Wild About Deception and Mimicry
A number of years ago, I had a dog who lied. If we refused to play with her, she would sit by the door, asking to go outside. As soon as we got up to open the door, she would race for her toy, certain that she had tricked us into restarting the game.
Science confirms that dogs will deceive us if it’s to their advantage. When asked to guide two different handlers to a hidden reward—with one handler who shared their treats and one who stole them for themselves—dogs would “lie” to the second handler as a means of preserving the treats for themselves. They may be our best friends, but that doesn’t mean they’re always being honest with us.
Dogs are not the only non-human animals to use deception for their benefit. Drongos, a species of bird that lives near meerkat colonies in Africa, provides a valuable service by warning the meerkats when predators are nearby. Except that some of the time, the warnings are fake, allowing the birds to steal the dinner that the meerkats abandon in their dash for safety. Drongos will even take their deceptive mimicry one step further. If their own warning call doesn’t create the desired results, they will mimic the meerkats’ own distress calls to up the ante.
Other birds seek to deceive predators directly. Numerous species will fake an injured wing in order to draw predators away from nests or their young. Originally, this behaviour was thought to be the province of shorebirds, but evidence now shows that nearly 300 different species may adopt this tactic.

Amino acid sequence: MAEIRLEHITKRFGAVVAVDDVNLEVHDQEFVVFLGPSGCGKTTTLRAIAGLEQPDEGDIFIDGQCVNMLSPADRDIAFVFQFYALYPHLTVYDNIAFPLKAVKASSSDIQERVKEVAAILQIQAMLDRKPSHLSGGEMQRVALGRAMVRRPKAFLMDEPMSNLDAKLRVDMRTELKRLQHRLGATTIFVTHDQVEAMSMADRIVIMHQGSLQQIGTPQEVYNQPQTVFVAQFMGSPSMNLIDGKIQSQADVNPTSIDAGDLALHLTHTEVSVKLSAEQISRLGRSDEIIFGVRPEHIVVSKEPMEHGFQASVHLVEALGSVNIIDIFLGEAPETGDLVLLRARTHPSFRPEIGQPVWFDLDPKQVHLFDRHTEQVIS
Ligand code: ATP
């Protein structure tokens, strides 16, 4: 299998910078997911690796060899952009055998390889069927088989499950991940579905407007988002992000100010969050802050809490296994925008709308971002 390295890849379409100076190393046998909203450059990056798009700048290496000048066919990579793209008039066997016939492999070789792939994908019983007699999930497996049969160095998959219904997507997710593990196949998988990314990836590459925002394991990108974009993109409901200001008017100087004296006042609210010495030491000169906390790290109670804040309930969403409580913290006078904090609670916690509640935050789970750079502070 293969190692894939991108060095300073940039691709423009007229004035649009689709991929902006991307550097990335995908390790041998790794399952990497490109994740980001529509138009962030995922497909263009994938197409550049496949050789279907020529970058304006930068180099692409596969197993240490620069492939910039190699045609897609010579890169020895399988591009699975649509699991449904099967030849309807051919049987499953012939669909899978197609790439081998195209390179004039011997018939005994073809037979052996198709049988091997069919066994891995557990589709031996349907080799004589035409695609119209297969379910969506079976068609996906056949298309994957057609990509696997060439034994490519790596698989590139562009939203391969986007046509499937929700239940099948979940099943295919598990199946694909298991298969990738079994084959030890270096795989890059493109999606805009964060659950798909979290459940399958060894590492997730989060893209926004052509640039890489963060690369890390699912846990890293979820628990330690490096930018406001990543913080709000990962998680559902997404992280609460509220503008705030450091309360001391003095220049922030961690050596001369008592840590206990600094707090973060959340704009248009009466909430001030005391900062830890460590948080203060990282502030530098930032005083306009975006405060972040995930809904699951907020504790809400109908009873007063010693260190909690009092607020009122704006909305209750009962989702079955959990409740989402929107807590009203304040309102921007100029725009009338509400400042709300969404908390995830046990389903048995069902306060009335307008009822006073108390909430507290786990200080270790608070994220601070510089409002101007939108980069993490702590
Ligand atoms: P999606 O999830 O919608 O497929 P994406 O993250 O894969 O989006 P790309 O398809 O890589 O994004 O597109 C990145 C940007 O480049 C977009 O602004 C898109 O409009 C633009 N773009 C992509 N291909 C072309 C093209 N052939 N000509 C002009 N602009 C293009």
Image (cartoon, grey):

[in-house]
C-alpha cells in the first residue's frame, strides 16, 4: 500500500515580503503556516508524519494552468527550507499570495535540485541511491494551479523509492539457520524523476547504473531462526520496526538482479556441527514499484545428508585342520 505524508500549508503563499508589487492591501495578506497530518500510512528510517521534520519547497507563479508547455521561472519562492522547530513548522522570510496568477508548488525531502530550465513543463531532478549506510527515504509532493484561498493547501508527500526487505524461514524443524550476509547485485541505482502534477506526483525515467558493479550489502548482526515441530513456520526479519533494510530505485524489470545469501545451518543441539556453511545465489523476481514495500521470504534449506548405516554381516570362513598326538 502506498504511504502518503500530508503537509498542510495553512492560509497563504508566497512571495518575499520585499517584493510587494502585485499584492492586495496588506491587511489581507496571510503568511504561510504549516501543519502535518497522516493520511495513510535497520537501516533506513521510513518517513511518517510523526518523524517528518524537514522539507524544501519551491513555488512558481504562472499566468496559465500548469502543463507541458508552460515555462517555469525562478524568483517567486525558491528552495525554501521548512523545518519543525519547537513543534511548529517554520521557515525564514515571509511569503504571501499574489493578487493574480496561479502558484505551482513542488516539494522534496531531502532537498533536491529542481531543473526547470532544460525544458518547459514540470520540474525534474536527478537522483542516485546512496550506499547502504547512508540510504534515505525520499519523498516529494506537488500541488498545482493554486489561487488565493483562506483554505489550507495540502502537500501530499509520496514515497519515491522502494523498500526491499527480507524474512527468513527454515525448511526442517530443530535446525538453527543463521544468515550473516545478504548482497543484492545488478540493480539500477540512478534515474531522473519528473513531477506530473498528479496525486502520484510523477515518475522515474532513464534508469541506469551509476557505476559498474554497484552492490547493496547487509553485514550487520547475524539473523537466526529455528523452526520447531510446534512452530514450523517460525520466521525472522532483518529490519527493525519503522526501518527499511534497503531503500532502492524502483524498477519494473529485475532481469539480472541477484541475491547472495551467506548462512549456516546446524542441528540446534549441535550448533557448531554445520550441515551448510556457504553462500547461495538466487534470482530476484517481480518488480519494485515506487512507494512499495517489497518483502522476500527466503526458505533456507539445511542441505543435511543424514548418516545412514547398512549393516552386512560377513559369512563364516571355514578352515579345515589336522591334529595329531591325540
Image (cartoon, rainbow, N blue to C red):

Not all forms of deception are intentional. Many species of plants and animals practice functional deception, where camouflage or mimicry is part of their appearance. In some cases, camouflage helps animals escape predators, or lets predators sneak up on their prey. Whether it’s the orchid mantis cleverly blending in with its namesake flowers or a snow leopard disappearing into a rock fall as it sneaks up on a herd of ibex, camouflage can be critical in an eat or be eaten world.
Other types of camouflage are more specific. Many species of orchids have evolved to use sexual deception, tricking insects into pollinating their flowers with the false promise of sexual gratification. Trickery is everywhere in the natural world if you look for it.
Obviously, orchids are not using intentional thought to trick insects into pollinating their flowers; it’s a function of evolution that has developed over thousands of years. For those species that are using intentional deception, the question for scientists is whether the drongo, or even my dog, are acting deliberately—in other words, do they understand that the target of their lies thinks differently than they do? Or, are they simply repeating a chance behaviour that gained them good results in the past?
Dogs are particularly interesting to consider. They have been living as our companions for over 30,000 years, longer than any other domesticated species and studies show that even very young puppies are able to understand what humans want. If they understand us so instinctively, can they understand us well enough to lie?
Until we can communicate directly with animals, we may never know for sure. Some scientists argue that the evidence shows that some animals practice deliberate deceit, while others say it is our desire as humans to connect with other species that leads us to this interpretation.
Either way, the end result is the same. Like the meerkat that drops a free meal for the drongo, I get up to open the door for the dog every time.